The loss of knowledge from true matriarchs

Words and images by Mireia Villalonga.

My name is Kamali which means spirit guide, the protector, and I like to believe it suits me. I live in Northern Tanzania with my extended family. We are a big group that roams in between West Kilimanjaro and Serengeti. We are lucky to live in these beautiful natural places. Though sometimes we are in danger.

My mum was killed for her ivory tusks a few years ago. That experience was very traumatic for all of us, and sometimes, we come back to visit the place where she died to mourn her. I think of her every day. When amazing elephants like my mum are poached, it becomes an attack on the herd. We hand knowledge from generation to generation. The loss of critical members becomes a loss of knowledge within the family and a threat to survival.

​Since my mum died, I took the lead role in the family. Being her oldest daughter means that I am now the new matriarch and I guide my family across vast wilderness areas in search of food and water. To be honest, I am not as good as my mum was, as I didn’t have time to learn everything she had to teach me with her sudden loss, and sometimes I struggle to make decisions.

​We elephants are very social and like to have all our female friends and family members nearby – the males prefer to live alone. Our female unit will only split if resources become hard to find. This way, strategically, the chances of survival, if we roam in different areas, are higher. I am very sensitive and always have a hard time saying bye to a friend, but deep down, I know I will meet them soon again.

I think we elephants are quite unique. I haven’t seen anyone that looks like us yet. We spent 12 to 18 hours every day eating. We mostly like to eat grass, plants and fruit. With climate change and our home becoming dryer, it is more challenging for us to find food. Also, the human population growth makes us share our wilderness with communities and cattle, meaning that the space left for grazing is very competitive.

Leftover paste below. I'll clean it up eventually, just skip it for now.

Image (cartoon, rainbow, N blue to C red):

​But I have good news to give you. I am pregnant! In 22 months, I will welcome a little one into our family. I have a feeling it will be very special to see my little one grow in this wilderness. Then, I hope to live as long as my great-grandmother, who lived for 80 years, to see many great-grandchildren come into the world and hopefully, pass our knowledge to them.

​You know, we elephants remember everything. When I was born, I remember playing with my trunk and not being able to control it. It was fun but needed lots of help from my aunties and cousins, who were always around. Our trunk is a fusion of our nose and upper lip. Turns out to be the most important limb we have and is sensitive enough to pick up a blade of grass and strong enough to rip off a tree. We use our trunks to eat food and drink water. Yet, sometimes we like to have some fun and use our trunks to do snorkelling. Baths are important to us. We enjoy a good mud bath that once it dries, acts as sun protection.

​Scientists say that we have a unique intelligence because we can display grief, altruism, compassion and self-awareness. Honestly, we can do much more than that, but scientists haven’t yet realised. I hope one day our habitat and population recovers. We elephants are very important for the ecosystem you and I share. For instance, it is known that 30% of central African tree species need elephants to spread their seeds and survive. If our elephant population declines, African forests will diminish, threatening surrounding communities to lose access to resources, trade products and tourism. In addition to this, we also shape the ecosystems and dig water holes for other animals to benefit from. We like to help everyone but sometimes we need help too.

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